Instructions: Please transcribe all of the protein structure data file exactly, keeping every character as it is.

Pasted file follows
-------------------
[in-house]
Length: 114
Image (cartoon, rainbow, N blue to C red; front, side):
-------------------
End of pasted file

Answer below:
[in-house]
Length: 114
Image (cartoon, rainbow, N blue to C red; front, side):